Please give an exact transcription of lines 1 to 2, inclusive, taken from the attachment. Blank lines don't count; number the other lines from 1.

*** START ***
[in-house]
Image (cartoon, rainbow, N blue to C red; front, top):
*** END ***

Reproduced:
[in-house]
Image (cartoon, rainbow, N blue to C red; front, top):